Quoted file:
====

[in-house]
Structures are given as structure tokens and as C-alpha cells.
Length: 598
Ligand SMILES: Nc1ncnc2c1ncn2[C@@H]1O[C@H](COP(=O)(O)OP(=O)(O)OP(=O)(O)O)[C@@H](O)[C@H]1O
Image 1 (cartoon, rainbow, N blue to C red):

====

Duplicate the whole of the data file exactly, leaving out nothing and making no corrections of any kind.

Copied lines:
[in-house]
Structures are given as structure tokens and as C-alpha cells.
Length: 598
Ligand SMILES: Nc1ncnc2c1ncn2[C@@H]1O[C@H](COP(=O)(O)OP(=O)(O)OP(=O)(O)O)[C@@H](O)[C@H]1O
Image 1 (cartoon, rainbow, N blue to C red):